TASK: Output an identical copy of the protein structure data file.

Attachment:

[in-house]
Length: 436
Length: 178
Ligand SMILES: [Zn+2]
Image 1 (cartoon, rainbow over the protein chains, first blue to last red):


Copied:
[in-house]
Length: 436
Length: 178
Ligand SMILES: [Zn+2]
Image 1 (cartoon, rainbow over the protein chains, first blue to last red):